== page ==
One breath, one day at a time

One breath, one day at a time

One breath, one day at a time
  • Mail
  • Share
  • Twitter
  • Facebook
  • LinkedIn
Here we are going into our 3rd week of social distancing in Oregon. Each day continues to be full of uncertainty. Each of us in our own way has to navigate the challenges presented to us, challenges that keep changing and evolving with each passing day.  As I’ve reached out to colleagues, teachers and parents offering my support and listening, I’ve heard such a wide range of what daily life and decision making looks like for each and everyone of them. What to do? I’ve been following my older sister’s recent advice from her walks near her hometown below.

“One breath, one day at a time.”


My older sister is a labor and delivery nurse. Her hospital has been designated the site for all Covid-19 patients in Southern Oregon.  Everyday when she arrives at the hospital for her shift there are new directives, new rumours and, of course, mothers in labor. All the rules have changed and keep changing. She isn’t given protective gear by her hospital because according to them she isn’t working with “sick patients”.  She then returns home to her own family fearing that she may be exposing them day in and day out. Feeling drained, worried and as if the task being asked is near impossible.

My younger sister, who works full time from home, has a 3 year old and 7 month old. Now, her husband also works full time at home.  Their task also is near impossible; work full time, care for their young children, feed and take care of their hearts and souls amidst the stress of the pandemic while, at the same time, trying to work enough so as not to get laid off.  ​

A high school teacher I know told me how she’s been texting with some of her students, as the only reliable online access they have is through their phones with limited data plans.  A few of them shared that they can’t do any online learning as they are busy babysitting younger siblings so their parents can still report to their jobs as essential workers.  Still others of her students she knows live out of their cars or in small apartments with large extended families. Not ideal circumstances for distance learning.

A PreK teacher shared that the parents of her students were reaching out asking for worksheets for their 3-5 year olds. She felt frustrated and confused that, after a year of exposing their children to hands-on inquiry based learning, they would feel the need for worksheets.  She knows that worksheets for preschoolers are not developmentally appropriate; she knows that limited screen time is essential to developing brains; and at the same time parents need work for their children to do that will keep them busy. These parents are asking for help so that they can do their own work from home in order to feed their children and help them feel safe. This teacher knows what an essential role schools play in the functioning of our communities!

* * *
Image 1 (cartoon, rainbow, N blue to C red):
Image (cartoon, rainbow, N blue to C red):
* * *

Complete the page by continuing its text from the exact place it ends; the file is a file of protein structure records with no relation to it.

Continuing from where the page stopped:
PictureWhat to do?  What can each of us do in this remarkably new world we are living in each day? I find myself searching for support and guidance. I find it difficult to sit with uncertainty and to live with these questions right now. 


I have turned toward inspirational thinkers who lived through challenging times to help me think best about how to support educators.  One of those thinkers is Loris Malaguzzi, the founder of the schools in Reggio Emilia, Italy. It was the actions of the grandparents and mothers of Reggio Emilia who built that first school out of the rubble of World War II.  It was the creation of that school that led Loris Malaguzzi to join them in imagining a new future through a new approach to education and caring for children. Their community had no choice but to build a school so that the mothers could get to work and lives could go on.
Read more about the story of Reggio Emilia here.
In reflection of his experience, Loris writes, “School can never be always predictable. We need to be open to what takes place and able to change our plans and go with what might grow at that very moment both inside the child and inside ourselves… Life has to be somewhat agitated and upset, a bit restless, somewhat unknown… we need to be open, we need to change our ideas; we need to be comfortable with the restless nature of life. All of this changes the role of the teacher, a role that becomes much more difficult and complex. It also makes the world of the teacher more beautiful, something to become involved in.



All of this is a great forest… The forest is beautiful, fascinating, green, and full of hopes; there are no paths… we have to make our own paths, as teachers and children and families, in the forest. Sometimes we find ourselves together within the forest, sometimes we may get lost from each other… but it’s living together in this forest that is important. And this living together is not easy.  


It seems that all any of us can do right now is be open to what takes place; we are not choosing to change, but change is being thrust upon us.  We are flooded by the restless nature of life in this moment as our roles as educators are profoundly affected, possibly never to return to their previous construction.  Take a breath… As you reconnect with your students in these next weeks, find ways to hear their thoughts and wonders. Listen if you can. Just as Reggio emerged from the wreckage of WWII, so we will emerge from this period changed by the experience.

For more inspiration from Loris Malaguzzi visit this link.

Where Teaching Begins: Loris Malaguzzi